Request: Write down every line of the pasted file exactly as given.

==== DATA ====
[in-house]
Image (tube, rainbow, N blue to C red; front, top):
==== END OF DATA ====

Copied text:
[in-house]
Image (tube, rainbow, N blue to C red; front, top):